Writer: Jane Moorman, (505) 249-0527, firstname.lastname@example.org
LAS CRUCES - A group of elementary school children watch as New Mexico State University's Extension specialist Pat Melendrez sheers a 250-pound ewe. Right before their eyes the female sheep goes from having a fluffy coat of wool to getting the equivalent of a crew cut with less than a quarter inch of wool remaining.
Melendrez is among the many volunteers who share their knowledge and love of agriculture with thousands of third- and fourth-grade students across New Mexico, who are introduced to the world of agriculture at annual Kids, Kows & More field trips in their county.
NMSU's Cooperative Extension Service agents in 19 counties coordinate the field trips for students in Santa Fe, Moriarty, Clovis, Portales, Roswell, Artesia, Carlsbad, Hobbs, Tucumcari, Albuquerque, Gallup, Farmington, Socorro, Silver City, Ruidoso, Las Cruces, Las Vegas, Belen, Raton and Springer. Each event is a collaborative effort of area agriculture professionals and volunteers.
"This program teaches school-age kids where their food comes from and about the agricultural industry that is in their area," said Alfred Gonzales of Texas A&M University's Extension Service, who coordinates the program in New Mexico and Texas. "They get to watch a dairy cow being milked, or see a bee hive up close. Many even get to pet a horse. The idea is to provide elementary teachers and the children with an experience somewhat like a trip to the farm."
Since it would be logistically impossible to take an entire school district's third- and fourth-graders to a farm, the county Extension agent organizes a field day at a central location where several agriculture professionals talk about an aspect of farm life.
The children have the opportunity to learn about farm animals such as dairy cows, sheep, horses, bees and even stock dogs; crops such as chile, alfalfa, cotton, pecans, apples, wheat, corn and peanuts; and vegetable gardening.
In several counties the students learn that curds and whey are not just words in a nursery rhyme but are by-products of making cheese.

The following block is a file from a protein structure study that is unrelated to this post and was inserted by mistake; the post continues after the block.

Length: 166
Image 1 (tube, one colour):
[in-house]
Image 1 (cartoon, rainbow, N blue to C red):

Or they learn about the good, bad and ugly insects as NMSU Extension entomologist Carol Sutherland shows the students mounted insects that are common in New Mexico, as well as some of the world's largest insects from other parts of the world.
Kids, Kows & More began in 1990 and has become a collaboration between NMSU's Cooperative Extension Service, Texas A&M University and Southwest Dairy Farmers. The New Mexico Beef Council, Soil and Water Conservation districts and the New Mexico Farm Bureau also participate in some county's programs with volunteers talking about nutrition or life on a ranch, water conservation demonstrations and other topics.
One of the highlights of the day for the students is Cody Lightfoot of Southwest Dairy Farmers talking about dairy cows and where milk comes from. The students laugh and interact with Lightfoot as they learn facts about dairy cows, such as, a dairy cow eats 60 to 100 pounds of food and drinks a bathtub full of water each day, and one cow produces 2,500 gallons of milk each year.
"It takes 72 hours for the milk to go from the cow to the grocery store," Lightfoot told a group of students at Las Vegas. "And no, chocolate milk does not come from brown cows."
For information about the Kids, Kows & More program in your county, contact your county's NMSU Cooperative Extension office.
NMSU's participation is an example of the university's continuing outreach efforts to help educate and improve the lives of people in New Mexico.
© 2013 New Mexico State University Board of Regents
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